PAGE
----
Don’t pick it up if you are squeamish or prefer a traditional D&D campaign.

Other Reviews

Bloodstone Observations

Following up on Bloodstone Session #4

Bloody Vs. Instead of Fight

Instead of using the Fight mechanic, I chose to have the conflict resolved with Bloody Vs.  This felt a bit anti-climatic.

I was unprepared to drop into Fight, but in hindsight really wish I would’ve.  Having a Fight running parallel to a Range and Cover could’ve increased the dramatic tension at the table — if paced properly.  In addition, the death of Felix, one of Menas’ goals, was very anticlimactic.

Lady Gwen and My Daughter

Towards the end of the game, my daughter held up a sign saying “I’m bored and tired.”  The session was winding down, so I hastened to the end.

That evening, in talking with Savannah about Lady Gwen, she said she wished her character could fight — after all that is one of the ways to interact with the system.  I instructed her to have Lady Gwen demand to be taught archery.

Lady Gwen could be a much more active participant in combat if she relied more heavily on prayers.  I believe the abstract Faith system may work against her.  An idea I have is to create a handful of Prayer cards that she can reference during conflict.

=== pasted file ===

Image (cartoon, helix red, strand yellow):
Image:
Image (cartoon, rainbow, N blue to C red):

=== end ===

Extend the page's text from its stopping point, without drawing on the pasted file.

Indivisible Action Sequences

When Savannah was thinking of what prayer to have Lady Gwen mutter, there was a suggestion to choose a lower obstacle prayer — Hinderance at Ob 4-6 — so she could get away and then immediately follow-up with another prayer to help Holden get away.

There are two problems that I see. First, the Hinderance prayer would’ve needed to have been muttered as part of the Speed vs. Speed test. We could’ve retconned this, but it didn’t feel like it would help.

Second, it felt like that would run contrary to “Let it Ride” principle. Namely, if we broke the narrative into steps, Lady Gwen and Holden have been cornered. The hinderance would apply to the test “We try to get away.”

Lady Gwen can use it to get away, but Holden has failed the test. He can’t get away. The next hinderance would need to be injected into the current state; Holden is now in a Fight with 3 bandits. Certainly the hinderance would aid Holden, but not directly in the escape.

Artha Awards

Given that we are playing with 5 players, two of them being under 18, I’ve altered the way we do Artha awards.  If we have a humdrum session, I’ll award 2 Fate and 1 Persona to each character and then have the group choose a workhorse and MVP.  Players can petition for more, but must make a strong case.

If the session seems to click, and players are in character, I’ll up the base award to 3 Fate and 2 Persona.

Does it create Artha bloat? Perhaps.  Am I fully engaging the system? No.  Are we enjoying  ourselves?  I hope so, because I know I am.